In these observations there is absolutely no criticism intended or implied with DBpedia or prior linked data practice. A natural and understandable progression has been followed here: first make connections between things, then begin to surface knowledge through the exploration of relationships. We are just now beginning that exploration through the use of classes, vocabularies and ontologies to explicate relationships. The fact that linked data and DBpedia first emphasized linking things and publishing things is a major milestone. It is now time to move on to the new challenges of structure and relationships.
There is much to be learned from other pathbreaking efforts such as the Open Biomedical Ontologies efforts and their attempts at coordination and standardization. As the demands and interests in interoperability increase, interfaces, consistency and coordination will continue, I believe, to come to the fore.
In another 18 months we will likely look back at today’s issues and thoughts as also naÃ¯ve in light of new understandings. The pace of discovery and learning is such that I believe best practices will remain fluid for quite some time.
Wordnets tend to be star-like in structure, with sparse relations, and dominated by a few hub clusters. c.f., Holger Wunsch, 2008. Exploiting Graph Structure for Accelerating the Calculation of Shortest Paths in Wordnets, in Proceedings of Coling 2008, Manchester, UK, August 2008. See http://www.sfs.uni-tuebingen.de/~wunsch/wn-shortest-paths.pdf.
The strict uncorrected structure of Wikipedia categories can also be inconsistent, inaccurate, populated with administrative categories, demonstrate cycles, and lack uniform coverage. c.f., Jonathan Yu, James A. Thom and Audrey Tam, 2007. Ontology Evaluation Using Wikipedia Categories for Browsing, in Proceedings of 16th Conference on Information and Knowledge Management (CIKM), 2007; see http://goanna.cs.rmit.edu.au/~jyu/publications/YuEtal07.pdf. This paper also presents a comprehensive framework for ontology evaluation.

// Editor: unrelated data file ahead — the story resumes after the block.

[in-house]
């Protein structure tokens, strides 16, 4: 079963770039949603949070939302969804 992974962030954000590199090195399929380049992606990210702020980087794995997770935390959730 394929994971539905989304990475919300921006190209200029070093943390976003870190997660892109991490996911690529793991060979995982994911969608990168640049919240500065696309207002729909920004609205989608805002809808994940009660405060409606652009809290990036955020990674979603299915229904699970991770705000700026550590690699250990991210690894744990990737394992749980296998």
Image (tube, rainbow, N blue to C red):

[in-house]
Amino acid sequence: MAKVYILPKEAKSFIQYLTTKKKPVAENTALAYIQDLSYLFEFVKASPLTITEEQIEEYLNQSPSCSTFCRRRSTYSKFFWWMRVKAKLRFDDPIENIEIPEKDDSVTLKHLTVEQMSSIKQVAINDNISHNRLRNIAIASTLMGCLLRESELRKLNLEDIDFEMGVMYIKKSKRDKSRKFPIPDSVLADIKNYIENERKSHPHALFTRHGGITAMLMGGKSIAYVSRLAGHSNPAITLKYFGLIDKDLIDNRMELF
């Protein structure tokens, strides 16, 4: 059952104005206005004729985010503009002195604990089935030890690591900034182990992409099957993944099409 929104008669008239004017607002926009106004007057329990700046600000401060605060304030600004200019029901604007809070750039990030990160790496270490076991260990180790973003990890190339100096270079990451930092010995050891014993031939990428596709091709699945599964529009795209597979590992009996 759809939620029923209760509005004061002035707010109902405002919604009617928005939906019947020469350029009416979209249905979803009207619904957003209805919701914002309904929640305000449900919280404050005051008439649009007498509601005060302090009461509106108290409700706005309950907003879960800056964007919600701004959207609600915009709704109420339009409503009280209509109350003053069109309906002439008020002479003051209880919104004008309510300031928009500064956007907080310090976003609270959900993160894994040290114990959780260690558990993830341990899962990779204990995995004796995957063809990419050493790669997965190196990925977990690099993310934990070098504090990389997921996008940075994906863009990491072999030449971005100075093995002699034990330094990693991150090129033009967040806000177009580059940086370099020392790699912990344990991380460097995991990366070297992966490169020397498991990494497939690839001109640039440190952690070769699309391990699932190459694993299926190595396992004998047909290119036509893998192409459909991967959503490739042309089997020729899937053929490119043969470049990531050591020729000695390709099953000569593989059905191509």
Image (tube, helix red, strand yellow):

This reference describes a new way to calculate semantic relatedness (not the same as coherence) in relation to Wikipedia, ConceptNet and WordNet: Sander Wubben, 2008. Using Free Link Structure to Calculate Semantic Relatedness. ILK Research Group Technical Report Series no. 08-01, July 2008, 61 pp. See http://ilk.uvt.nl/downloads/pub/papers/wubben2008-techrep.pdf.
Table 3 in this citation presents an interesting contrast between what the authors call collaborative knowledge bases (CKBs, like Wikipedia) and linguistic knowledge basis (LKBs, like WordNet), again however not really addressing the coherence issue: Torsten Zesch and Christof MÃ¼ller and Iryna Gurevych, 2008. Extracting Lexical Semantic Knowledge from Wikipedia and Wiktionary, in Proceedings of the Sixth International Language Resources and Evaluation (LREC’08), May 28-30, Marrakech, Morocco. See http://elara.tk.informatik.tu-darmstadt.de/publications/2008/lrec08_camera_ready.pdf. Also see Torsten Zesch and Iryna Gurevych, 2007. Analysis of the Wikipedia Category Graph for NLP Applications, in Proceedings of the Workshop TextGraphs-2: Graph-Based Algorithms for Natural Language Processing at HLT-NAACL 2007, 26 April, 2007, Rochester, NY, pp. 1-8. See http://www.aclweb.org/anthology-new/W/W07/W07-02.pdf.
Thanks to Kingsley Idehen and OpenLink Software, DBpedia has been much enrichened with its mapping to UMBEL‘s 20,000 class-based subject concepts. DBpedia is the structured data version of Wikipedia that I (among many) wrote about in depth in April of last year shortly after its release.
We have also recently gotten an updated estimate of the size of the semantic Web and a new release of the linking open data (LOD) cloud diagram.
Since DBpedia’s release, it has become the central hub of linked open data as shown by this now-famous (and recently updated!) LOD diagram :
Each version of the diagram adds new bubbles (datasets) and new connections. The use of linked data, which is based on the RDF data model and uses Web protocols to name and access data, is proving to be a powerful framework for interconnecting disparate and heterogeneous information. As the diagram above shows, all types of information from a variety of public sources now make up the LOD cloud .